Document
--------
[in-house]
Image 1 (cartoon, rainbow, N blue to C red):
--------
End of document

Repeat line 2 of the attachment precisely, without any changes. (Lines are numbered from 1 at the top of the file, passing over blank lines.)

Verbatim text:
Image 1 (cartoon, rainbow, N blue to C red):